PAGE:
My cousins from Grand Falls, N.B., were all musicians in one respect or another.  They either played an instrument or they sang.  I have vivid memories of accordians, banjos, guitars, fiddles, and even expertly played spoons , played in the kitchens, garages and yards of my Canadian cousins.  Singing was almost a daily thing.  My older cousin, Marie Morin, had a rich voice that she could project for miles!  The fare of the music menu, "Cagin Music", whose roots lie in the Province of Arcadia, the Southern tip of France.  I always remember the singing, the dancing and the joy of my first live musical experiences.

        My mom played a piano, she was self taught and couldn't read a note of music....but she could play.  Play polkas, boogie-woogie, show tunes, Christmas carols and even managed to figure out how to play 'Memories' from the Broadway play , 'Cats', which is no easy feat by ear.

       My aunt, the Late, Great. Esther Birt Violette, was an accomplished pianest and performer, who played the Restaurant/Lounge summer circuit from Ogunquit to Bar Harbor over a 40 year period.  She also graced the Restaurant/Lounge of the stately Augusta House, that used to be the focal point of Augusta's West Side rotary, a few nights each week.  I used to sneak in sometimes, since my childhood home was a 5 min. walk away.  She would always catch me, order me a coke and sit me on the bench beside her as she played for the diners.

       I went to a musical school.  Parochial school...where the nuns made you sing about everything.  I am not kidding.  We sang greetings, and leavings, hymns (naturally), prayers, times tables, conjugation of verbs, days of the week in French...you name it, the nuns had a tune for it.

       And of course, there is the singing inside of a large church with a vaulted ceiling for every, and I do mean every religious holiday on the Catholic calendar.  And all the practices...I love to sing within a large group.  I love the ebb and flow, the coming together and the pulling apart as the voices dance in the air.  This comes from Catholic school.

       I actually took piano lessons from the late Peggy Cameron of Augusta.  Yes, she was the mother of Bruce Cameron of School St Band fame and it was actually at the School St. house where the band originated all those years ago.  Taking piano, gave me a new appreciation for my mother's talent.  What I struggled with and had to practice for hours, came naturally to her and she didn't even realize it.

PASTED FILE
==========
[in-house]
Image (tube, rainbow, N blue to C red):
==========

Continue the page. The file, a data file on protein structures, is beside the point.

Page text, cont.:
And then...there was The Fleshapoids.   I spent almost a 30 yr. stint as one of the Scumettes, singing background vocals and playing hand held percussion instruments. And in  the early Dani Tribesmen as well.  All those years of dancing lessons with Penny Page, had finally, paid off.

      But mostly I developed a great ear for music.  I hope you will enjoy reading my blog because quite frankly, I will enjoy writing it.!

  

Last Updated on Thursday, 09 December 2010 06:28
 
Kenya Hall Band's CD release party a must-see PDF Print E-mail
Written by Joyce Grondin   
Friday, 26 November 2010 13:39

 

If you want to listen to some beautiful soul and funk music, then I suggest you stop by the Big Easy, located at 55 Market St. in Portland tonight, Friday, Nov. 26, and catch the Kenya Hall Band at its CD release party of “Learning for Miles Vol. 1,” which is named in honor of her newborn son and recorded at Sweet Dream Records in Portland. The show kicks off at 10 p.m.

 

“It really came together well,” she said of the recording. “We had a lot of fun.”

 

Joining Kenya on stage will be her band members Frank Hopkins on keys, Josh Robbins on bass, Calvin McIlwain on guitar and Dan Capaldi on drums, with special guests John Maclaine, Derek Ramos, Chas Lester, Phil Divinsky and Lady Zen.

 

Kenya moved to Maine from Ohio about 10 years ago, landing in Randolph and Hallowell. The folks in the central Maine area have been blessed with her voice for a number of years until she relocated to Portland a few years ago, sharing her talent with the folks in the big Maine city and, quite literally, sparking a Soul Movement. From time to time, she and her band returns to Hallowell to put on a show.

 

Now 30, Kenya started writing songs about five or six years ago and has been working on the CD for about a year. There are 10 original songs on the CD, including one written by guitarist Stevie Jones.

 

When asked what inspires her in her writing, she said: “Every song is inspired by something different. It could be whatever happens that day (that she pens a song).”

 

So, if you have a chance to stop in the Big Easy and listen to Kenya’s beautiful voice accompanied by great music, then I suggest you do so.

 

Cover is $7 and, of course, CDs will be available for $10. You can also pick up the CD in Bull Moose stores around the state.

 

For more information about the Kenya Hall Band, check out her web site: www.kenyahallband.com

 

 

 

Last Updated on Monday, 06 December 2010 15:57
 
Bass Box's 'Mother Box' is worth checking out PDF Print E-mail
Written by Joyce Grondin   
Sunday, 21 November 2010 20:07

 

I took a trip down to Portland Friday night to check out the CD Release Party for Bass Box's " Mother Box" album at the Empire Dine and Dance. Of course, it was especially fun to attend because Jazzy Chas, who spent his youth in Hallowell, was performing. I've known Chas since he was performing in middle school events.